HEV3 infections are generally asymptomatic and self-limiting, but symptomatic acute hepatitis develops in some patients, mostly older men. Fulminant hepatitis can occur in patients with underlying liver disease, and HEV3 infections can become chronic in immunocompromised patients, such as recipients of solid-organ transplants, persons with hematologic diseases, and patients infected with HIV (2). Although only 1 case of infection with human HEV3-ra has been identified (6), the contribution of HEV3-ra to human infection remains uncertain.
The French National Reference Center for HEV (Paris, France) analyzed 919 HEV strains obtained from patients in France infected during 2015–2016. Strains were obtained in hospitals (90%) or private medical laboratories (10%). A total of 20% of the strains were obtained from immunocompromised patients.
We detected HEV RNA by using a reverse transcription PCR (RT-PCR) 15189 accredited by the International Organization of Standardization (Geneva, Switzerland) (7). We used a nested RT-PCR to amplify a 345-nt sequence within HEV open reading frame 2 as described (8). To amplify a 365-nt fragment within the X domain, we performed a nested RT-PCR with outer primers 2600-DOM-X-S (5′-TAYCGRGARACYTGYTCCCG-3′) and 3050-DOM-X-AS (5′-ACATCRACATCCCCCTGYTGTATRGA-3′) and inner primers 2685-DOM-X-S (5′-AGYTTTGAYGCCTGGG-3′) and 3050-DOM-X-AS. Phylogenetic analyses were performed by using neighbor-joining methods, a bootstrap of 1,000 replicates, and MEGA version 7.0 software (http://www.megasoftware.net/).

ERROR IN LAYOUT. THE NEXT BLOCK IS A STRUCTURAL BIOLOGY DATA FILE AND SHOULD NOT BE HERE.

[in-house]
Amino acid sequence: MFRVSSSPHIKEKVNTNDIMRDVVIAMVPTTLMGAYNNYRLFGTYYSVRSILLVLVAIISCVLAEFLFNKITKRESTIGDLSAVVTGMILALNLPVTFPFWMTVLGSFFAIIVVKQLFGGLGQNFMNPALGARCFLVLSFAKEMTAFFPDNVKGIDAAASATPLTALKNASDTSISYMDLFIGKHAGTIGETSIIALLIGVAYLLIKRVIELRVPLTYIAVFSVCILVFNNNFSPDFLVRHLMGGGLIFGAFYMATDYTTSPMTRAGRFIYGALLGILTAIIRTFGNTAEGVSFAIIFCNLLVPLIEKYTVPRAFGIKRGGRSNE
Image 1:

Among the 919 patients, 904 were infected with a genotype 3 strain. The subtype infecting 75 (8.1%) of these HEV3-infected patients could not be determined; 302 (32.9%) patients were infected with clade HEV3-abchij, 522 (56.8%) were infected with clade HEV3-efg, and 5 (0.5%) were infected with clade HEV3-ra (GenBank accession nos. KY611812–KY611816) (Figure). All 5 HEV3-ra strains had an insertion in the X domain of the genome (GenBank accession nos. KY825957–KY825961).